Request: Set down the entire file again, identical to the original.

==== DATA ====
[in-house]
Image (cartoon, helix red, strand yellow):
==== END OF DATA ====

[in-house]
Image (cartoon, helix red, strand yellow):